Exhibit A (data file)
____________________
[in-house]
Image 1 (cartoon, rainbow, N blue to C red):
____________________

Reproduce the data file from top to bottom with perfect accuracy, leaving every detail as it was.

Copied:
[in-house]
Image 1 (cartoon, rainbow, N blue to C red):